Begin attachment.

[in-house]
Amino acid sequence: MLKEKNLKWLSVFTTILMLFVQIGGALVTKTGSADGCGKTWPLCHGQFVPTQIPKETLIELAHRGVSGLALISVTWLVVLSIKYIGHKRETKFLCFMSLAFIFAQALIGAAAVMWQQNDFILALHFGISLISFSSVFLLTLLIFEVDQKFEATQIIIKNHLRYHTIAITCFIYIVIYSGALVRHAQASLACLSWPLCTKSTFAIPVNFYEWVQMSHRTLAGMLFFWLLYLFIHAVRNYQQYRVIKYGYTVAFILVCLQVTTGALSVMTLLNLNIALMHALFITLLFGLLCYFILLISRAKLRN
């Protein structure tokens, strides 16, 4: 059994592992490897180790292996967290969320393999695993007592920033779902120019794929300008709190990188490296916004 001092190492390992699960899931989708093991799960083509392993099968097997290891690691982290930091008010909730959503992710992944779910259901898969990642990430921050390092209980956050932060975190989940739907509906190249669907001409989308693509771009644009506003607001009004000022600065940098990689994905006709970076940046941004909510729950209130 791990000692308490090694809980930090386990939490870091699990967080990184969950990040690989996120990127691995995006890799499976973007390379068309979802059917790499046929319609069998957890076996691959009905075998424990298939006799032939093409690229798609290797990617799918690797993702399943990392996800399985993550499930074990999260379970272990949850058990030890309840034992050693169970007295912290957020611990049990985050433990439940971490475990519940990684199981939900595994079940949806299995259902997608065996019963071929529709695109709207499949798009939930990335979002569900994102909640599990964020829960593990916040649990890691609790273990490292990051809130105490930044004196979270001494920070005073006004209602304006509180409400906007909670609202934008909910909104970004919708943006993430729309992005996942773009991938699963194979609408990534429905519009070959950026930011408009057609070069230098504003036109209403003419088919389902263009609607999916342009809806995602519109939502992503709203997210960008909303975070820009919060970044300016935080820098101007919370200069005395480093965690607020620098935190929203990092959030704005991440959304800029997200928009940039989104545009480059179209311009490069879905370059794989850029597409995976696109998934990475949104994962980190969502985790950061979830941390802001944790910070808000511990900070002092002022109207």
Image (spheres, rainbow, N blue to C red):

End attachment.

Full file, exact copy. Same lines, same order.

[in-house]
Amino acid sequence: MLKEKNLKWLSVFTTILMLFVQIGGALVTKTGSADGCGKTWPLCHGQFVPTQIPKETLIELAHRGVSGLALISVTWLVVLSIKYIGHKRETKFLCFMSLAFIFAQALIGAAAVMWQQNDFILALHFGISLISFSSVFLLTLLIFEVDQKFEATQIIIKNHLRYHTIAITCFIYIVIYSGALVRHAQASLACLSWPLCTKSTFAIPVNFYEWVQMSHRTLAGMLFFWLLYLFIHAVRNYQQYRVIKYGYTVAFILVCLQVTTGALSVMTLLNLNIALMHALFITLLFGLLCYFILLISRAKLRN
């Protein structure tokens, strides 16, 4: 059994592992490897180790292996967290969320393999695993007592920033779902120019794929300008709190990188490296916004 001092190492390992699960899931989708093991799960083509392993099968097997290891690691982290930091008010909730959503992710992944779910259901898969990642990430921050390092209980956050932060975190989940739907509906190249669907001409989308693509771009644009506003607001009004000022600065940098990689994905006709970076940046941004909510729950209130 791990000692308490090694809980930090386990939490870091699990967080990184969950990040690989996120990127691995995006890799499976973007390379068309979802059917790499046929319609069998957890076996691959009905075998424990298939006799032939093409690229798609290797990617799918690797993702399943990392996800399985993550499930074990999260379970272990949850058990030890309840034992050693169970007295912290957020611990049990985050433990439940971490475990519940990684199981939900595994079940949806299995259902997608065996019963071929529709695109709207499949798009939930990335979002569900994102909640599990964020829960593990916040649990890691609790273990490292990051809130105490930044004196979270001494920070005073006004209602304006509180409400906007909670609202934008909910909104970004919708943006993430729309992005996942773009991938699963194979609408990534429905519009070959950026930011408009057609070069230098504003036109209403003419088919389902263009609607999916342009809806995602519109939502992503709203997210960008909303975070820009919060970044300016935080820098101007919370200069005395480093965690607020620098935190929203990092959030704005991440959304800029997200928009940039989104545009480059179209311009490069879905370059794989850029597409995976696109998934990475949104994962980190969502985790950061979830941390802001944790910070808000511990900070002092002022109207």
Image (spheres, rainbow, N blue to C red):